The regular season co-champions will meet in a rubber match for unquestioned Mountain West supremacy.
It's been a banner season for the Mountain West Conference, which figures to see half of its eight teams appear participate in the NCAA Tournament next week. With that being the case, it's only fitting that the two teams that tied for the regular season crown will get the chance to play the final league game of the year.
San Diego State and New Mexico finished tied atop the MWC standings at the end of the regular season with matching 10-4 records. The pair split their regular season meetings, but the Mountain West tiebreaker rules - which compares the two teams' records against those below them in the standings until an advantage is gained - gave the top seed to the Aztecs.
That result almost turned out to be a curse in disguise, as SDSU needed a Jamaal Franklin three-pointer at the buzzer to get buy No. 8 seed Boise State in their tournament opener. The Aztecs had a slightly easier go of it in the semifinals, where they put away a pesky Colorado State squad by a final of 79-69.
New Mexico has looked as formidable as it has at any point the season, rolling past Air Force (79-64) and then erasing an early 17-4 deficit to come back and top third-seeded UNLV 72-67 on the Runnin' Rebels home floor. The win was especially sweet considering the Lobos had lost to Vegas the last seven times the two had met in conference tournament play.
At the center of everything good for New Mexico has been Drew Gordon, who is playing like a man who believes he was snubbed by the folks who voted for the MWC Player of the Year. The senior forward who transferred from UCLA after his sophomore season has averaged 17 points and 10 rebounds in the tournament. He averaged 13.4 and 10.9 during the regular season.
The man who did win the award, San Diego State's Franklin, has been equally impressive, scoring 19 points in back-to-back games while going a combined 5-of-7 from beyond the arc. He's been helped significantly by backcourt mate Chase Tapley, who is averging 18.5 points and five assists during the postseason.
On paper, this is your basic battle of solid backcourt against solid frontcourt, but the strength of both teams in each area is what provides the excitement. Franklin and Tapley are better than any of the guards for New Mexico, but the Aztecs also don't have an answer for Gordon in the paint. Both teams should be able to follow their offensive gameplans and assert their will on that end of the floor, which means the team that cuts down the nets at the end of the night will likely be whichever one hits more open shots. It sounds so simple, but that doesn't change the fact that it's the case.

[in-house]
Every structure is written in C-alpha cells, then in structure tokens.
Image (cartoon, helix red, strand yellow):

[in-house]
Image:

MOST VALUABLE PLAYER WATCH
Jamaal Franklin, San Diego State
The league's regular season Player of the Year is averaging a team-high 19 points in the postseason, and also provided the moment of the tournament with a game-winning three-pointer at the buzzer against Boise State in the quarterfinals.
Chase Tapley, San Diego State
Tapley has been at least as brilliant as Franklin through two rounds, averaging 18.5 points and five assists.
Drew Gordon, New Mexico
The unquestioned Lobos star is averaging 17 and 10 and seemed to will his team to victory against UNLV in the semifinals.
Demetrius Walker, New Mexico
The sophomore guard is averaging 15.5 points in the tournament, more than twice his regular season scoring average of 7.3
1) San Diego Aztecs (26-6) vs. 2) New Mexico Lobos (26-6)
Game Time: 7:00 p.m. ET
Location: Thomas & Mack Center: Las Vegas, NV
Television: NBC Sports Network
Favorite: New Mexico by 4.5
Previous Meetings: San Diego State won 75-70 at New Mexico on Jan. 18; New Mexico won 77-67 at San Diego State on Feb. 15
How They Got Here:
SAN DIEGO STATE
Quarterfinals: Beat 8) Boise State (65-62)
Semifinals: Beat 4) Colorado State (79-69)
Quarterfinals: Beat 7) Air Force (79-64)
Semifinals: Beat 3) UNLV (72-67)
New Mexico 77, San Diego State 75
This is about as close to a toss-up as you'll see this weekend, but I'll go with the grittier, more physical Lobos to make the big plays in crunch time,